Amazon.com link to Sharon A.'s short story collection

Amazon.com link to Sharon A.’s short story collection

Moving series characters between novels and short stories gives the characters a chance to speak. With short stories you are limited to one character’s point of view to tell the story. Novels give more leeway but you still don’t want too many characters jumping in. The reader will be confused and possibly annoyed and you, the author may lose the plot thread. Or more realistically have too many plot threads that end up in a tangle.

You can take a major character or a minor character in your novel and write a short story with this character as your point of view character. So, let’s say your novel has three major characters – Angela, the person being stalked; Detective Walkins the police officer working on her case, and Jude her boyfriend as the three point of view characters in the novel. However, there are several minor characters: Janet, the nosey old neighbour across the street, Ben, Angela’s co-worker, Angela’s daughter, etc. etc. All of these characters have their stories, their life, their idiosyncrasies, their voice. In you novel they appear only as they are seen by one or more of the three main characters.

Give one, or all of these characters, their own short story. It can have little or nothing to do with the novel. Perhaps the story has to do with something else in their life. The nosey neighbour, for instance – just how did she become nosey and butting into everyone else’s business. Maybe she is a former investigative reporter who messed up and had to move on to another profession. But she misses digging up the dirt, so she puts herself into her neighbours’ business. Or Detective Watkins – he may have other cases, that one-by-one could generate several short stories – maybe even a novel.

You see where all this can get you?

You can read about my characters and their stories in my short story collection Beyond the Tripping Point (Blue Denim Press, 2012). Click on the book at the top and it takes you to Sharon A. Crawford’s profile – including book reviews – at http://www.amazon.com. The book is available there in print and Kindle. For Kobo e-book go to http://store.kobobooks.com/en-CA/ebook/beyond-the-tripping-point or go to any bricks and mortar store and order in a print copy. Spread the word.
More info on Sharon A.’s upcoming gigs, workshops, guest blog posts, etc. at http://www.samcraw.com/Articles/BeyondtheTrippingPoint.html
Sharon A. Crawford’s prequel novel Beyond Blood, featuring the fraternal twins will be published fall 2014 by Blue Denim Press. Stay tuned.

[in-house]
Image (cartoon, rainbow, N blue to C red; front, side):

Cheers.

Sharon A. Crawford

 

 

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Backstory using flashbacks

Cover of Sharon A. Crawford's mystery short story collection

Cover of Sharon A. Crawford’s mystery short story collection

One of my many theories about short stories is that their titles and first lines ought to be memorable, because if not memorable they will not be remembered, and if not remembered the stories will not be reprinted (because no one can find them).

– Damon Knight

I’m posting one day early this week only because I’m at the MagNet magazine publishing industry conference all day tomorrow. The time setup to fix a date and time to publish a post later is nowhere to be found on WordPress.com. Hope you enjoyed Rosemary McCracken’s guest post last week.

And now as promised (albeit a week late) – some ideas on using flashbacks for your backstory.

You have to be careful with flashback so you don’t overuse  it because it can take away from your main story’s thrust. For a novel a bit of backstory could work in a short prologue. But even better is to weave in your flashback(s) with the present day story. The latter can work for short stories which don’t usually have prologues.

In my short story “Porcelain Doll” I blend in the flashbacks – and there are actually two time periods of flashback. This is somewhat unusual for short stories. The story begins in the present with:

 I can’t stop staring at the porcelain doll in the window. It sits among old tea sets and silver candleholders in Hanover’s newest antique shop. I keep trying to look away, but I can’t, despite my heart dancing inside my chest and my breath trying to keep time with it.

 

Right after this paragraph I transition into the most recent time flashback with:

I have no business coming back to this area. I should have left the past with Mama when she died last fall from a tumble down the cellar stairs. But when I sorted through her clothes, a newspaper clipping fell from a dress pocket. Of course I had to read it.

Spring thaw uncovers man’s skeleton near Hanover in the Lake Huron area. Contents of a wallet found nearby indicate the man could have been one Charles Holden who disappeared 16 years ago….

It was dated April 14, 1981, two months before Mama married Eric Luftus and seven and a half years before her death.

 

Then I bring in a bit about the present and transition back to the late 1980s when Mama died.

I pilfered the newspaper story and took it home with me.

The doll’s eyes seem too blue, too real. Or maybe I’m just wrapped too much in old memories. They began seeping from the nether area of my brain while I watched Mama lowered into the ground.

There are a few paragraphs more about this time right after Mama’s funeral and leading back to the present (seven months later) with Sarah (the main character) still looking in the window at that porcelain doll. Then I transition into the main flashback, which is a big part of the short story, with